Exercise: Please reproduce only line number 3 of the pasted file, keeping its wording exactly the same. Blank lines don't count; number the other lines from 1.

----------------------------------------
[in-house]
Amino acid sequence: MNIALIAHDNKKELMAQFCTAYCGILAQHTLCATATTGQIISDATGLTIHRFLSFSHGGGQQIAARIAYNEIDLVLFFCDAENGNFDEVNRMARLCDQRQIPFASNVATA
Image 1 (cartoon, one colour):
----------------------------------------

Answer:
Image 1 (cartoon, one colour):